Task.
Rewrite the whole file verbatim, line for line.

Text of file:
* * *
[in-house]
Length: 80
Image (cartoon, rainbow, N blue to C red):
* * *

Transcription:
[in-house]
Length: 80
Image (cartoon, rainbow, N blue to C red):